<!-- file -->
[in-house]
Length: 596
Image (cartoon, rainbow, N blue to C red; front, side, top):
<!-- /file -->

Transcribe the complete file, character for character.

[in-house]
Length: 596
Image (cartoon, rainbow, N blue to C red; front, side, top):